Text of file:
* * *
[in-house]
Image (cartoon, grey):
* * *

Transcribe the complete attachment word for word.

[in-house]
Image (cartoon, grey):